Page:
Why financial is the least relevant of capitals: CFO’s prepare your IT systems for a switch to a multi capital business administration!

18 November, 2016

Within the <IR> Framework six capitals are set out and the one with the most management focus happens to represent just a minor portion of the total value of a company. Financial capital is only an intermediate form of the other capitals and as such very much needed but not the most important of the capitals. Financial capital is actually the only capital which is fairly easy to acquire or to dispose of.

The other capitals can be best described as pre-financial or post-financial. Pre-financial when they are needed and used for daily value creation like skilled employees, a warehouse full of seasonal produce stock, a new release of a software solution ready for deployment or a new way to reduce CO2 emissions; post-financial when they are no longer useful and are listed for disinvestment like stranded assets.

When looking at the birth of a company everything starts with a business idea to generate new value using input capitals provided by stakeholders i.e. suppliers, employees, customers, shareholders, earth and society. Great effort is made to transform financial seed capital into pre-financial capitals : find and equip an office building, hire and train employees, prepare marketing materials and sales campaigns, develop and fine tune product features, setup a smooth administrative process, etc. When everything is ready for execution the intended capital transformation can start: prospects are found and converted into customers, products are delivered and invoiced, money starts to flow in after a long time of investing.

Once the pre-financials are fully on stream the seed capital is no longer needed and the joint integrated capitals are generating a sustainable financial dividend stream while at the same time sustaining and improving the pre-financial capitals: human capital grows (experience, innovation), social & relational capital grows (new clients, reliable suppliers), intellectual capitals grows (R&D becomes more mature, standard operating procedures come into shape), natural capital remains level (zero emission equipment works out fine). The company is generating multi capital value and is able to sustain this over longer periods of time.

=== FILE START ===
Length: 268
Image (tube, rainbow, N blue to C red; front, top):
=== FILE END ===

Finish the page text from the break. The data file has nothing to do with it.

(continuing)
Now what should the chief of administration focus on? On the money streams and the ability to upkeep them? Absolutely but also on the status and perspective of the transformational capacity of the other capitals i.e. a healthy value creation capability. Will the workforce be able to maintain this excellent job or do we need to invest in them either in knowledge or in flexible schedules to support a healthy work/private balance. What can we expect to be the return on a specialist training for R&D? Should we invest in a total new corporate identity or will the current one be sufficient for some more time? Is there a correlation between marketing spending and sales? Should we temper gross profit to enable R&D making major product improvements?

Now what if you have your financials in order but don’t know the status of your other capitals let alone their future perspective and resilience? Should you prepare your IT architecture to enable a multi capital administration?

In the CFO guide for driving multi capital thinking you will find some of the initial directions the IIRC Technology Initiative working group has outlined.

I would recommend CFO’s that are serious about developing technology capabilities that support and enable next-generation business management and reporting practice to read it.